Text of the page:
Keywords: heavy tails;peaks-over-threshold;regular variation;tail index;62G20;62G32; C13; bias;exchange rate
    JEL: C14
    Date: 2005
  3. By: Michiel de Pooter (Faculty of Economics, Erasmus Universiteit Rotterdam); Martin Martens (Faculty of Economics, Erasmus Universiteit Rotterdam); Dick van Dijk (Faculty of Economics, Erasmus Universiteit Rotterdam)
    Abstract: This paper investigates the merits of high-frequency intraday data when forming minimum variance portfolios and minimum tracking error portfolios with daily rebalancing from the individual constituents of the S&P 100 index. We focus on the issue of determining the optimal sampling frequency, which strikes a balance between variance and bias in covariance matrix estimates due to market microstructure effects such as non-synchronous trading and bid-ask bounce. The optimal sampling frequency typically ranges between 30- and 65-minutes, considerably lower than the popular five-minute frequency. We also examine how bias-correction procedures, based on the addition of leads and lags and on scaling, and a variance-reduction technique, based on subsampling, affect the performance.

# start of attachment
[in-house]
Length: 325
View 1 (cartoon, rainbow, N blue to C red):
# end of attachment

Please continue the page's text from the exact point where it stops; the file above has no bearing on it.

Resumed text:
Keywords: realized volatility; high-frequency data; volatility timing; mean-variance analysis; tracking error
    JEL: G11
    Date: 2005–10–12
  4. By: Torben G. Andersen; Tim Bollerslev; Francis X. Diebold
    Abstract: A rapidly growing literature has documented important improvements in financial return volatility measurement and forecasting via use of realized variation measures constructed from high-frequency returns coupled with simple modeling procedures. Building on recent theoretical results in Barndorff-Nielsen and Shephard (2004a, 2005) for related bi-power variation measures, the present paper provides a practical and robust framework for non-parametrically measuring the jump component in asset return volatility. In an application to the DM/$ exchange rate, the S&P500 market index, and the 30-year U.S. Treasury bond yield, we find that jumps are both highly prevalent and distinctly less persistent than the continuous sample path variation process. Moreover, many jumps appear directly associated with specific macroeconomic news announcements. Separating jump from non-jump movements in a simple but sophisticated volatility forecasting model, we find that almost all of the predictability in daily, weekly, and monthly return volatilities comes from the non-jump component. Our results thus set the stage for a number of interesting future econometric developments and important financial applications by separately modeling, forecasting, and pricing the continuous and jump components of the total return variation process.